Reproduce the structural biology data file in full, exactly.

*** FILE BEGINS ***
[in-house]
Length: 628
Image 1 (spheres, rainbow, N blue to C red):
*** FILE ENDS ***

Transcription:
[in-house]
Length: 628
Image 1 (spheres, rainbow, N blue to C red):